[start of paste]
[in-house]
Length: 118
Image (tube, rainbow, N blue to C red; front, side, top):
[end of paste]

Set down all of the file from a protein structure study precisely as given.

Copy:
[in-house]
Length: 118
Image (tube, rainbow, N blue to C red; front, side, top):